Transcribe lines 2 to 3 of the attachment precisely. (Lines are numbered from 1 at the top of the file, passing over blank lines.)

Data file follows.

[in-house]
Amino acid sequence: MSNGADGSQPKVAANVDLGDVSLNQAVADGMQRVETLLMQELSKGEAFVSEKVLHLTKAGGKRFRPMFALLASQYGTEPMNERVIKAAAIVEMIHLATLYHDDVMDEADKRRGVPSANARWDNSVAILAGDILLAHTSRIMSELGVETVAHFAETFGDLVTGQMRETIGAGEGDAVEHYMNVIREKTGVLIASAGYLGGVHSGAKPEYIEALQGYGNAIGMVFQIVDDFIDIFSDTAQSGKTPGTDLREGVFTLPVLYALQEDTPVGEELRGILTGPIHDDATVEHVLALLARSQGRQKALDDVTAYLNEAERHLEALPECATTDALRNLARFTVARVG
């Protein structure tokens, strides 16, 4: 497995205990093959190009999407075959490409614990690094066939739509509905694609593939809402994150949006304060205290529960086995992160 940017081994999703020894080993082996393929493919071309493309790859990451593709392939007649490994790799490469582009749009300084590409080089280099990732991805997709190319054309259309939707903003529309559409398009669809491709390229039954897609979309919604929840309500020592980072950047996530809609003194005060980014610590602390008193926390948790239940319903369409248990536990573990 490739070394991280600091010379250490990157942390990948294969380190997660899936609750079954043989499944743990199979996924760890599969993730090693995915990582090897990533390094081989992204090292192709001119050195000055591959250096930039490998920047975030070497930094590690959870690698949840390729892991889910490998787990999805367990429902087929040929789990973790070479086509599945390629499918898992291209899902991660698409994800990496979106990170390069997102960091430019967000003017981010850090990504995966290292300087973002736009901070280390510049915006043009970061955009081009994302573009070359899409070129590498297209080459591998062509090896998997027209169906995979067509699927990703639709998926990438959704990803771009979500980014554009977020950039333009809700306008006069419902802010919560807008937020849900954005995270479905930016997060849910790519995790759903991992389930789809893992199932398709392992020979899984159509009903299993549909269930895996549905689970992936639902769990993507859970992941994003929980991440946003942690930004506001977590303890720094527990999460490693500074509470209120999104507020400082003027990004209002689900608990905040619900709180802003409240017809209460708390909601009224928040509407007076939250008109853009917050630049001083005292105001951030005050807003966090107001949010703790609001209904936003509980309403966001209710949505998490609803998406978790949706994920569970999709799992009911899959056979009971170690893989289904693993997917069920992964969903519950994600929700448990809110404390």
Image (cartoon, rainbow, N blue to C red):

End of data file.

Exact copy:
Amino acid sequence: MSNGADGSQPKVAANVDLGDVSLNQAVADGMQRVETLLMQELSKGEAFVSEKVLHLTKAGGKRFRPMFALLASQYGTEPMNERVIKAAAIVEMIHLATLYHDDVMDEADKRRGVPSANARWDNSVAILAGDILLAHTSRIMSELGVETVAHFAETFGDLVTGQMRETIGAGEGDAVEHYMNVIREKTGVLIASAGYLGGVHSGAKPEYIEALQGYGNAIGMVFQIVDDFIDIFSDTAQSGKTPGTDLREGVFTLPVLYALQEDTPVGEELRGILTGPIHDDATVEHVLALLARSQGRQKALDDVTAYLNEAERHLEALPECATTDALRNLARFTVARVG
């Protein structure tokens, strides 16, 4: 497995205990093959190009999407075959490409614990690094066939739509509905694609593939809402994150949006304060205290529960086995992160 940017081994999703020894080993082996393929493919071309493309790859990451593709392939007649490994790799490469582009749009300084590409080089280099990732991805997709190319054309259309939707903003529309559409398009669809491709390229039954897609979309919604929840309500020592980072950047996530809609003194005060980014610590602390008193926390948790239940319903369409248990536990573990 490739070394991280600091010379250490990157942390990948294969380190997660899936609750079954043989499944743990199979996924760890599969993730090693995915990582090897990533390094081989992204090292192709001119050195000055591959250096930039490998920047975030070497930094590690959870690698949840390729892991889910490998787990999805367990429902087929040929789990973790070479086509599945390629499918898992291209899902991660698409994800990496979106990170390069997102960091430019967000003017981010850090990504995966290292300087973002736009901070280390510049915006043009970061955009081009994302573009070359899409070129590498297209080459591998062509090896998997027209169906995979067509699927990703639709998926990438959704990803771009979500980014554009977020950039333009809700306008006069419902802010919560807008937020849900954005995270479905930016997060849910790519995790759903991992389930789809893992199932398709392992020979899984159509009903299993549909269930895996549905689970992936639902769990993507859970992941994003929980991440946003942690930004506001977590303890720094527990999460490693500074509470209120999104507020400082003027990004209002689900608990905040619900709180802003409240017809209460708390909601009224928040509407007076939250008109853009917050630049001083005292105001951030005050807003966090107001949010703790609001209904936003509980309403966001209710949505998490609803998406978790949706994920569970999709799992009911899959056979009971170690893989289904693993997917069920992964969903519950994600929700448990809110404390």